[Haskell-cafe] Re: Newbie question
Jon Fairbairn
jon.fairbairn at cl.cam.ac.uk
Mon Jan 21 13:28:09 EST 2008
"Alexander Seliverstov" <seliverstov.a at gmail.com> writes:
> So, the function type "(Num a)=>Integer->a" means that return value of
> this function can be cast to any particular instance of class Num.
For some meanings of the word "cast" yes. I'd rather say
"f:: Num a=> Integer -> a" means that for any type a that is
an instance of Num, given an integer f will return a member
of that type.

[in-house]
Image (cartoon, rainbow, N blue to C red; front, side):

> Ok. I have a my own class "class A a" and want to write function like
> this "f:: (A a)=>Integer->a". Can I do it?
You need to be a bit more specific about what f is supposed
to do without that, I can answer unequivocally yes, and give
you
f:: (A a) => Integer -> a
f n = undefined
:-P
But in general you are going to want something a bit more
useful, which means that you have to have a path from
Integer to a -- what the path can be is depends on what
"methods" you give class A. For example:
class A a where
first_a :: a
second_a :: a
f :: A t => Integer -> t
f n | odd n = first_a
| otherwise = second_a
--
Jón Fairbairn Jon.Fairbairn at cl.cam.ac.uk
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